Gay Romance Northwest Meet-up: a lesfic panel

HEY, peeps!

Whew. Just finished up the all-day soiree that is the Gay Romance Northwest Meet-up, which happened in Seattle (LUV ME SOME SEATTLE) this past weekend at the amazing Seattle Public Library downtown. Wow. What a facility.

Seattle Public Library, downtown branch (from Wikipedia)

See all about the GRNM at THIS LINK.

I moderated a panel dealing with the future of lesbian romance in terms of subject matter, publishing, and promotion. Panelists included fellow authors Jove Belle, Jill Malone, R.G. Emanuelle, and Kate McLachlan.

One of the things that came out (see what I did there?) in the panel was that there appears to be “parallel universes” of LGBTQ fiction. That is, M/M appears to have the most established infrastructure in terms of things like networks and professional review sites as well as a greater presence at conferences and book events followed, distantly, by F/F and then trans and queer.

So let’s chat more about this, yeah?

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Identity, politic

Hi, all!

Geez, WTF, Andi? It’s been, like, forever and a day and all kinds of THE THINGS happened and where the hell were you and just what are you doing?

I know. Straight up, I’ve been FB’ing incessantly about the Women’s World Cup (OMG YAY TEAM USA) and writing for deadlines and then there was the amazing historical BOOM when marriage equality was ruled the law of this great land and then there was a horrific tragedy and then all kinds of crazy over certain flags. I decided much wiser heads than I can address those two latter issues, and I still haven’t quite been able to wrap my head around the whole marriage equality thing.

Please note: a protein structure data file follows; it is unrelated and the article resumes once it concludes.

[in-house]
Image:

At some point, I will blog that, because I’m coming from a perspective of believing that I probably wouldn’t see it in my lifetime or if I did, I’d be in my 60s or 70s. This perspective, I think, causes a fatalistic outlook on relationships. Marriage was something I thought I could never have, so I never planned for it. I educated myself about the issues, worked to advance them as I could, but I never thought it would be something that I myself could enjoy.

And that leaves its own kinds of scars. Which I will discuss later, as I ponder more.

In the meantime, I wanted to discuss something else. Specifically, what repercussions marriage equality may have on genre fiction.

I wonder this because yesterday at Women and Words, we posted a blog by New York Times bestselling romance author Melissa Foster, who just released a new book in her Harborside Nights series that features a lesbian main character and this character’s love for another woman.

Foster predominantly writes heterosexual romance, and this is her first F/F. As she notes in the blog she did at WaW, she got a little bit of blowback from her writer colleagues.

Why?

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